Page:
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Short Essay on the Hamartiology: Problem of Evil

The question of evil is a common hot button topic among atheists and non-Christians who attempt to disprove Christianity. They argue that an omnipotent and omniscient God cannot exist in a world with so much evil. The argument is used by them to prove that Christianity is “internally self-contradictory and thereby to be rejected” (Feinberg, 413). So, the problem of evil is explaining that a perfect, all-powerful, and all-loving God can exist in a world with so evil. First, natural and moral evil need to be distinguished. Natural evil is defined as “evil which occurs in the process of the functioning of the natural order” (Feinberg, 414). People are not responsible for these happenings; they are simply victims and no one is to blame. The devastation that resulted from Hurricane Sandy is a perfect example of such evil, along with afflictions such as cancer and earthquakes. Moral evil, on the other hand, is defined as “evil produced by activities of moral agents” (Feinberg, 414). This evil stems from intentional action, such as murder, stealing, and adultery. Natural evil is part of the consequences of moral evil that resulted from the fall of man in the Garden of Eden. The vast amount of evil that exists in the world is not because God created it, but because man allowed it. Man was not created with a built-in evil nature; he was created with a free will that was exercised to purposefully sin. God gave Adam a choice to do right or wrong and he failed in Genesis 3:6 by disobeying God. The moment Adam chose to sin in Eden he “brought tragic spiritual, physical, and social deprivation to the entire human race” (Demarest, 435). God did not force this choice on Adam but allowed him to have complete free will. God is wholly benevolent and did not create evil; man brought it into the world by his sinful actions. Adam’s wrongdoing also brought condemnation to the perfect world God created, with natural evils such as illness and natural disasters. God did not leave us hopeless and abandoned when sin entered the world. Romans 3:23 states that we are all sinners, but God offers us a way of escape through Jesus’ sacrifice.
There are numerous theodicies that attempt to reconcile the fact that evil and an omnipotent and benevolent God can both exist. Leibniz’s theodicy claims that God made the best possible world, one with good and evil. Critics such as Voltaire reject this because there is so much needless suffering in the world, and there is always a better possible world. The free will theodicy claims that humans, not God, brought evil into the world by abusing free will. Critics argue that all should not be punished for the sins of one. The soul-building theodicy presented by John Hicks states that evil exists for “building moral and spiritual character” (Feinberg, 1186). Evil does serve to strengthen the soul when one fully relies on God. However, this view claims all go to heaven, which would result in sin going unpunished and morality being pointless. While all may not accept these theodicies, they are clearly internally consistent. Whether right or wrong, these theodicies posses no contradictions that would render them obsolete. A theodicy that is inconsistent is self-defeating, illogical, and easily disproven.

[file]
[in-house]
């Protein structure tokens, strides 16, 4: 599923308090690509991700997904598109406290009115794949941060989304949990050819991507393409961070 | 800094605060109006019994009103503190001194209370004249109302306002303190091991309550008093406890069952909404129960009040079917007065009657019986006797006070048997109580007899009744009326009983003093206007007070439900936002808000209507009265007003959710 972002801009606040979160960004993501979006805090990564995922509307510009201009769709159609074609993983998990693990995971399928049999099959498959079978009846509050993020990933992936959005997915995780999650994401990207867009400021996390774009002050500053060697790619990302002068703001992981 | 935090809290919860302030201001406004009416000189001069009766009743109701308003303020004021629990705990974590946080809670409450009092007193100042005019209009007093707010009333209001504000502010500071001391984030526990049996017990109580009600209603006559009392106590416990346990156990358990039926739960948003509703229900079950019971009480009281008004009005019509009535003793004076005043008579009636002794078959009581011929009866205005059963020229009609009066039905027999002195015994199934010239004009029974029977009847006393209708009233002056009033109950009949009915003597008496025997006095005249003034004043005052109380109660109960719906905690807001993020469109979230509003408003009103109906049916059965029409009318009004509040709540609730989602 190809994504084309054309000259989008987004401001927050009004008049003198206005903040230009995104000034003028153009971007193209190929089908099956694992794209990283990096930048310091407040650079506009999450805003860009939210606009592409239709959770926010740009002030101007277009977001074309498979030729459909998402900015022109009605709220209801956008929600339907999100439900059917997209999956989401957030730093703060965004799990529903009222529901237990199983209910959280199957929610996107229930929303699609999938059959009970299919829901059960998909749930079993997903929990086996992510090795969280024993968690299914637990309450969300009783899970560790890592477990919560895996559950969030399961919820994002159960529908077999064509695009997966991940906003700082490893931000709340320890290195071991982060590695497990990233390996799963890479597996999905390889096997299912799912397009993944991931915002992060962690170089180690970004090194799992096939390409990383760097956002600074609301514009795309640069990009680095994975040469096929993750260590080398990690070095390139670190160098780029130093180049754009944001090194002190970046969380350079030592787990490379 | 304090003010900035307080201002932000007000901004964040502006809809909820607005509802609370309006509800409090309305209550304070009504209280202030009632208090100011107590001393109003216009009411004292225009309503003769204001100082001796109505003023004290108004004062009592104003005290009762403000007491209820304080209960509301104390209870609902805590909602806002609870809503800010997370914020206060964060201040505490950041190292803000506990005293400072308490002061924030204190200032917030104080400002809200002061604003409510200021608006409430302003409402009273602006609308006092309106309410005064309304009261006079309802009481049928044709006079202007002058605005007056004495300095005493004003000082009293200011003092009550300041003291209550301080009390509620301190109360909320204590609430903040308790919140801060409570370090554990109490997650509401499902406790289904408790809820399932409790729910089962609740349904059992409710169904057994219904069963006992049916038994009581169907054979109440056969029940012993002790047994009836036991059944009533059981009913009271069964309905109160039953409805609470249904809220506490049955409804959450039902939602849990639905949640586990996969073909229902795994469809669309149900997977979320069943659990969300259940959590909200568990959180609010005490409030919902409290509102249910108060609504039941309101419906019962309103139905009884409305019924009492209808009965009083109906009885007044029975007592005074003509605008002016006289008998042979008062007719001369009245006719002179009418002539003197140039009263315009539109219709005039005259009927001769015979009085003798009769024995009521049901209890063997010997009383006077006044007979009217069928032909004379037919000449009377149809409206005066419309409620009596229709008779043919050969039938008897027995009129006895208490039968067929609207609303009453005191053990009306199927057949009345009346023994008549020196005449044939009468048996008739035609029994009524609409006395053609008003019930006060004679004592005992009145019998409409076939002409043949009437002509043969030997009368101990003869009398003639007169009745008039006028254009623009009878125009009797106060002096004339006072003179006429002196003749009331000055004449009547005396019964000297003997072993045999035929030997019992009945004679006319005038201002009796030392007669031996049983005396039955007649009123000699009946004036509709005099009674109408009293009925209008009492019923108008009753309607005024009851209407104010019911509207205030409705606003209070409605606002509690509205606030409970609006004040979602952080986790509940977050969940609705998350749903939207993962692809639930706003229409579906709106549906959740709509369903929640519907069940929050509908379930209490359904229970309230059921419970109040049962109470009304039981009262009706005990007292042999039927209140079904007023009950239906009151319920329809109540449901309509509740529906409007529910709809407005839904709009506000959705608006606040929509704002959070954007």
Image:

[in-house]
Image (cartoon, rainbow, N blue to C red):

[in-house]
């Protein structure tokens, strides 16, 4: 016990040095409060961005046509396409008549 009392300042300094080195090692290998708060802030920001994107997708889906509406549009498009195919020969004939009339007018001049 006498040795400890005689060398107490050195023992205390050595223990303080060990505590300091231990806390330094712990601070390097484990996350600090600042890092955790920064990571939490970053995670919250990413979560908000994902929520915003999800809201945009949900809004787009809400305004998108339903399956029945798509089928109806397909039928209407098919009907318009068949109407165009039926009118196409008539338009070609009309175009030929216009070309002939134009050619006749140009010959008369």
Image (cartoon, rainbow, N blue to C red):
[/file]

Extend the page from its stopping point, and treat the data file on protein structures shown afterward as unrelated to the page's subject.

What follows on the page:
I agree with the free will theodicy and my view is internally consistent. I believe that God did not create evil; evil is a result of man’s choice to sin. We are given free will because it is “the highest order” (Feinberg, 1186) and that we can choose to love and obey God. We are given a choice because God wants us to choose Him over doing evil, which is the greatest sign of love. Being under attack by evil can cause one to question God’s motives. Last year when my grandmother died I couldn’t understand God’s plan, but now I can see that His will is perfect and everything works together for good just as Romans 8:28 says. It is possible to dispute a belief that someone holds about God without attacking God if it is unbiblical, but no one can dispute the beliefs and characteristics of God clearly presented in the inerrant Scriptures.
There will always be evil in this world until Christ returns. It is important to develop a reliable theodicy to explain how a benevolent God and evil can both exist. The evil that exists, both natural and moral, are not created by God, but are a direct result of man abusing his free will and choosing wrongly. Adam chose to disobey God and the human race was condemned as a result, with Jesus Christ’s perfect sacrifice the only route to salvation. God gave us all a way to escape the horrible consequences of our evil actions.

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